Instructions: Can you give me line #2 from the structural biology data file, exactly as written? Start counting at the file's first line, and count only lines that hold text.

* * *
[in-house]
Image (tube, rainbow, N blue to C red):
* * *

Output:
Image (tube, rainbow, N blue to C red):